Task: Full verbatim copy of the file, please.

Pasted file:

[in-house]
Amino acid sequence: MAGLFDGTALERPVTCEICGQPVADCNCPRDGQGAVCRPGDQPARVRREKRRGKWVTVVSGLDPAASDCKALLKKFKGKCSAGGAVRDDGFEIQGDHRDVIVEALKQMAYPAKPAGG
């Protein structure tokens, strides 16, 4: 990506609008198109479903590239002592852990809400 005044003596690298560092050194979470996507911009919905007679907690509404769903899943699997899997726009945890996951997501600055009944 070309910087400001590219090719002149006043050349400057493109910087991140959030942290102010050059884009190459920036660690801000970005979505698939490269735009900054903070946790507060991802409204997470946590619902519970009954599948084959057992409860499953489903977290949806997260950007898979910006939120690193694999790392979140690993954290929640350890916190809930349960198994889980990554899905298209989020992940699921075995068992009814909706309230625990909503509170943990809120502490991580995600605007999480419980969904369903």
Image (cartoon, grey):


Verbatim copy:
[in-house]
Amino acid sequence: MAGLFDGTALERPVTCEICGQPVADCNCPRDGQGAVCRPGDQPARVRREKRRGKWVTVVSGLDPAASDCKALLKKFKGKCSAGGAVRDDGFEIQGDHRDVIVEALKQMAYPAKPAGG
């Protein structure tokens, strides 16, 4: 990506609008198109479903590239002592852990809400 005044003596690298560092050194979470996507911009919905007679907690509404769903899943699997899997726009945890996951997501600055009944 070309910087400001590219090719002149006043050349400057493109910087991140959030942290102010050059884009190459920036660690801000970005979505698939490269735009900054903070946790507060991802409204997470946590619902519970009954599948084959057992409860499953489903977290949806997260950007898979910006939120690193694999790392979140690993954290929640350890916190809930349960198994889980990554899905298209989020992940699921075995068992009814909706309230625990909503509170943990809120502490991580995600605007999480419980969904369903």
Image (cartoon, grey):